Kathy* has lived with Type 1 diabetes since she was a child. The 30-year-old has always used her insulin pump privately, preferring to keep the disease concealed from friends, family and co-workers.
Her situation is not uncommon, says Sandi Dennison, chair of RNAO’s Diabetes Nursing Interest Group (DNIG) and Kathy's diabetes educator at the Windsor-Essex Community Health Centre. "People hide it because they’re afraid of discrimination," she says. "(A diabetes diagnosis) seems to overpower some people."
Patients experience a range of emotions after being diagnosed with the disease, Dennison explains. Some view diabetes as burdensome to themselves and others. Some feel ashamed because they think they brought the diagnosis upon themselves either by not exercising, not eating the right foods, or due to other issues in their lives. Dennison says this isn’t necessarily true. "The term obesity tends to be hooked to Type 2 diabetes," she explains. "But there are people who are not overweight who develop diabetes."
Despite this fact, this pervasive, negative perception of the disease prompts some patients, like Kathy, to go to great lengths to keep it under wraps.
But secrecy can be troublesome, especially if Kathy’s blood sugar were to plummet. She could be plunged into mental darkness, and no one would know how to provide help because they wouldn’t know she’s living with diabetes, Dennison explains.
Nurses can lend a helping hand when it comes to fighting diabetes discrimination. Listening to clients’ fears and concerns, and inviting family and friends to participate in learning more about the disease goes a long way toward quashing prejudice – perceived or otherwise. “If you’re…distressed all the time, it’s difficult to function and (see) positive outcomes,” Dennison says. “As health-care providers, we need to be mindful of that distress and help people work through it.”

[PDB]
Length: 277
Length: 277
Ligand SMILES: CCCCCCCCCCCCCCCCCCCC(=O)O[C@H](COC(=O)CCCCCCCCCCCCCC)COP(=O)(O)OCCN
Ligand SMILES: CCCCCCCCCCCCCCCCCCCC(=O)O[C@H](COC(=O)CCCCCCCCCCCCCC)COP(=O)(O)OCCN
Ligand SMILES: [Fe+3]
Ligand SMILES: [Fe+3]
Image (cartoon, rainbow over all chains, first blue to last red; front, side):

According to the recently released Diabetes Attitudes, Wishes and Needs 2 global study, 28 per cent of Canadians with the disease have experienced significant emotional distress. Fifteen per cent have felt discriminated against. "It's very easy to forget, or not be aware of, the distress that people feel with diabetes," says Dennison. Diagnosed in 1963, she says she knows firsthand how it can change your life. "For some people, it's (the last) straw."
For more information about DNIG, visit www.DNIG.RNAO.ca
DNIG, which currently has more than 700 members, is interested in starting a learning series in partnership with RNAO’s Mental Health Nursing Interest Group (MHNIG). The two groups have met and are ironing out the details, and hope to have something formalized in the next couple of months. The goal will be to help RNs better understand the links between this chronic illness and mental health so patients like Kathy don’t feel like they have to hide their diagnosis. Visit www.DNIG.RNAO.ca for updates on this initiative.